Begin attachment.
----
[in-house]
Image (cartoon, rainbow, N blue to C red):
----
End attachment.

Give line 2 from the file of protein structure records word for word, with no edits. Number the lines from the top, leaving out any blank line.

Image (cartoon, rainbow, N blue to C red):